Tuesday, March 31, 2009

Hey look, it's my dream wedding.

I love teal. I do. And green. I think I would swap the flowers out for a different color, because my sister had yellow flowers and also because we're getting married in the fall. I think this would look stunning with Gerbera daisies!

The House Party

I've been thinking about this for a little while - at the moment, I have two bridesmaids - but I have a lot of VIP women in my life. There are my college roommates, my hockey teammates, and my law school friends, and a couple kids from high school. I wanted to ask my two college roommates to come to the dress fittings and do other wedding related stuff, even though I haven't asked them to be bridesmaids. I liked Meg's approach of asking people to be non-bridesmaids, but there were some people I wanted to be more than non-bridesmaids. (I do have one person who I plan to ask to be a non-bridesmaid.) So I went ahead and asked my college roommates to be on "Team Bride". My MOH hates the term "Team Bride", but I like it. It turns out my members of Team Bride are also not fans of the name. Team Bride is basically just my wedding-related-support-network, which is important - going through this alone kind of stinks.
I found out today that there is another name for Team Bride - the House Party. While not the perfect term either, it makes some sense - instead of being in the Wedding Party, which is in charge of making sure the bride makes it down the aisle, you are in the House party, which means that you are in charge of making the wedding fun.
Some of the possible tasks for the house party include picking up the alcohol if we are doing BYOB, helping craft stuff, performing DOC tasks like making sure the cake shows up, ushering, decorating the car, setting up centerpieces, reminding people to sign the guest list and starting the conga line, electric slide, and awesome dance moves. Other tasks of the house party will probably be helping out with shower and bachelorette party stuff. I figure our house party will kind of get formed along the way, as soon as we know what we would really need them to do. A house party is a great idea because you can have a lot of people on it without having to worry about them all picking out the same colored dress.
I feel like I should feel guilty about asking my friends to be a part of my slave labor team for our wedding, but I don't, for a number of reasons including: I've done it for them, or I will do it for them. When it comes to weddings, people are generally willing to help out, so I'm not going to worry about feeling guilty. As long as all of the tasks that we give them are out of the way before the actual fun part of the wedding, and don't require them to do anything they are uncomfortable doing, I don't see why I should feel guilty, or like it's tacky to ask people for a favor. Additionally, they are grownups and can say no. But the bottom line is that I would rather give a lot of people a single small job than dump every single job on my bridesmaids.

Monday, March 30, 2009

I hate night class!

I keep having night class during all this fun stuff. If you live in Baltimore, you MUST go check out the AVAM's Bridal Happy Hour! It looks amazing!
We have been thrilled so far with what we have seen from the Baltimore crafting community, and we will definitely be using as many local & handmade products as possible.
Cutting and pasting this directly from the website:

Why go handmade for your wedding?? There are many reasons!
-Have custom jewelry, paper goods and spa gifts created that are as a special as your wedding.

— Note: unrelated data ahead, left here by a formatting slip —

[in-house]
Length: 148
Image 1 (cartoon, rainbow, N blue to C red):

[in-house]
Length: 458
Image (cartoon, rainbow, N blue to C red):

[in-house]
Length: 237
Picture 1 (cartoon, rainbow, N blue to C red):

-Support local and woman owned businesses.
-Many BEST artists use sustainable and green materials in their work.
-Give your wedding a handmade touch that is unique.
-Show your bridal party and family your appreciation with gifts that are created just for them!

I want to go so badly but of COURSE it's a Thursday night...and I have class Thursday nights. From 3-7:30. If you live in the area, go and have fun!!!

Details about Running of The Brides in Rockville

My future cousin-in-law, second cousin, sister, cousin, mom, and self are going to this on Friday morning - will you be there? 
This is an email from Pat, who is super helpful (and who assured me that the escalators will be turned off, which is a relief!): 
Hi Ellie – Here is more info about the Running of the Brides this week in Rockville, plus some last minute tips that might be helpful (those are attached):

·        There will be over 1400 gowns to choose from (sizes 2-26)—we will only sell a fraction of them.

·        If you want to be part of the 'rush to the racks,' then you should get to Filene's Basement at around 6am.

·        If that's not your idea of fun, plan on arriving later. Even though the line to get in at 8:00am looks long, you have to remember, most of those people are helpers, not brides-to-be.

·        By late morning, the early brides will have either made or narrowed down their selections and most of the gowns are back on the racks.

·        Definitely go later in the day if you don't like crowds and chaos or if you are shopping alone or with just one helper.

·        The quietest time is mid-afternoon.

·        If you can't shop until after work, no problem. A couple of weeks ago at the event in NYC, over 50 brides found their dream dresses between 7pm and 10pm.

·        Specialists in wedding gown cleaning and alterations will be on-site to advise you about what can or cannot be altered or cleaned and they can give you an idea of what it would cost.


"Having a wedding on a Sunday is just cheap."

These were famous last words uttered by me a year and a half ago. It is true, unless you are an orthodox Jew, or unless you are getting married on a holiday weekend. I was extremely bitter about having to attend a Sunday wedding "in the middle of nowhere". (I was in my first year of Law School and had a test the following week.) Now that we are thinking of a Sunday wedding, I find myself going back on these words. This is for a number of reasons.
1.) I really enjoyed that wedding. It started at like, 3pm, we then had cocktails, ate, drank, danced our little hearts out, and then went home around 9pm, which was fine, because it was like, an hour and a half away.